Book Review: Moonchild’s Smile


Moonchild’s Smile by Marat M’saev Daan (translated by Tanja Mitric) is a collection of Serbian poetry. There is little information on the web, in English, about the author. His official biography simple states that he is Serbian and describes life, people, and events in unusual ways. He sees things as one would view a chess board with different strategies that better transfer his thoughts and feelings.

To set the stage for Moonchild’s Smile a word or two on free verse and poetry in general for the non-poetry reading public. Poetry is something you get or you don’t and not to worry it isn’t for everyone. It is alright to like some poems and dislike others even in the same collection. Poetry is comes in many fashions far exceeding the rhyming couplets or iambic meter drilled into your head in high school. Years ago I probably would have looked at at Moonchilds Smile and said Poetry? Really? Free verse has a reputation of being on the outside looking in on poetry. Robert Frost said free verse was like playing tennis without a net. However times change and poetry has grown to accept free verse, but many people outside the scholarly circles may be hesitant to recognize it. Poetry also is about more than pastoral scenes or Kubla Khan’s pleasure dome. It has evolved to speak of politics, life, and the problems of the urban environment. We don’t have to look much farther than Bob Dylan and Hip-Hop to see free verse in our everyday life.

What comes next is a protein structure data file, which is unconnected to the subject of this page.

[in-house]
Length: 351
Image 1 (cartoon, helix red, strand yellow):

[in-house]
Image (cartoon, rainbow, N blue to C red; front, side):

My copy of Moonchild’s Smile has been translated from Serbian. Probably the only job harder than writing poetry is translating it. Not only are you translating the words, you are translating vision and emotion. Recently the new English translation of Camus’ The Stranger came under some controversy over the use of the imformal mamam instead of mother. That one word’s translation caused a huge change in meaning and understanding the main character’s mindset. Scholars have studied it for years and still seem to be at odds. In Moonchild’s Smile we have a single translation so no comparisons can be made. Regardless of the expertise of the translator, to convey the poet’s original thoughts in another language and remain true to the poet’s vision it a monumental task.

Marks in the sand, slowly vanishing with new waves. A walk on the
beach, as a reminder of the disappearing past and the future bound
to leave its marks yet.

Moonchild’s Smile overcomes the difficulties of translation and the doubts over free verse. This is poetry and this is good. Daan captures the essence of poetry and leaves little doubt of the legitimacy of free verse. Mitric’s translation leaves no doubt in her ability to relay the author’s vision in English. “Smiles in a Mirror” captures the little things in life. Daan captures the little things in life and with many things he also sees cycles. Cycles of life and death, cycles like the waves erasing marks on the beach, cycles of the devil and good. Some of his work also reflects the violence his country experienced in the 1990s and the effect it had on the children.

Moonchild’s Smile is a short collection of poems, but it is a detailed read. The lines are meant to be read slowly, absorbed, and visualized. There is a difficulty level with this poetry that will take a commitment from the reader. The author’s use of a chess board as an example of how he sees his thought process plays true to his writing. It is complex and much more cerebral than most contemporary poetry. Daan does live up to the expectations of a poet and the translation seems to convey the his feelings to another culture. Very well done.

Author Alliance Book Reviewer Joseph Spuckler gives this book 4 Stars!

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